Some Texas residents may have had friends who have ended up in a difficult position where medical decisions had to be made for a loved one. The friend may have indicated that his or her family member did not create any type of plan that stated how such a medical situation should be handled, and as a result, that person may have faced a great deal of uncertainty during an already difficult time. This type of situation may have some parties considering talking about care and estate planning with their close family.
In particular, children may want to broach the topic of long-term care with their parents. It may seem uncomfortable to bring up, but if individuals do not know what their parents' wishes are in the event that they become incapacitated, confusion and concern may reign. In fact, after bringing up the topic, some parties may find that their parents have created plans but did not tell the children about them.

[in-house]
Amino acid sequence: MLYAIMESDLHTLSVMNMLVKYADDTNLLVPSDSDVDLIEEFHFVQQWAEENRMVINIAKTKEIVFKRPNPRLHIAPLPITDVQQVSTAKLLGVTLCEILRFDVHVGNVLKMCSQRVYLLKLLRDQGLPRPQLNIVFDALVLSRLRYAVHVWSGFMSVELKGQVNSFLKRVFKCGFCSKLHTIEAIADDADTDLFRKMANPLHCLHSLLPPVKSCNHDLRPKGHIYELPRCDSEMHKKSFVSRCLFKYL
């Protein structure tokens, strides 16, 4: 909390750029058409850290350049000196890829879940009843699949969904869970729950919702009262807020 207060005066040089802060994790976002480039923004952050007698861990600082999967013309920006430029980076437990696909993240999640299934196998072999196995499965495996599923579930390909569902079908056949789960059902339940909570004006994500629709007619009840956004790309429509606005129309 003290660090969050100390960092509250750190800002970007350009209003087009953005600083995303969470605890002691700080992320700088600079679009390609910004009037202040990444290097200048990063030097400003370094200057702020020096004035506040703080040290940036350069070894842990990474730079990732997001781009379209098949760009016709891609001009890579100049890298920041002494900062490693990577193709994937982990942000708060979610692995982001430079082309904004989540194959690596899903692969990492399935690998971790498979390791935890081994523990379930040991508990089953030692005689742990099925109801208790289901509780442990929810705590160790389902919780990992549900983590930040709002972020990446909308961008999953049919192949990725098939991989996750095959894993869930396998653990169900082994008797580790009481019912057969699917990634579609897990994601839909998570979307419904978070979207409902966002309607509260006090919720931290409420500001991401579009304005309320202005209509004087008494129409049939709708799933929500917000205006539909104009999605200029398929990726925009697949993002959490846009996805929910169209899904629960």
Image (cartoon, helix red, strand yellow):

While the plan itself can still prove beneficial, it may also be helpful for close family members to understand the choices a person makes. These conversations may help prevent conflict between children who may need to deal with a seriously ill or injured parent. Additionally, it can also help parents explain what they want, why they want it and who should be in charge of decisions.
These conversations could also help children consider going through the estate planning process themselves. They may think it is more important to get the ball rolling for their parents, but an incapacitating event could take place at any time. Because of this possibility, Texas adults of any age may want to gain more information on their options for long-term care planning.
Source: thegazette.com, "Make your health care wishes known", Donald Letendre, April 17, 2018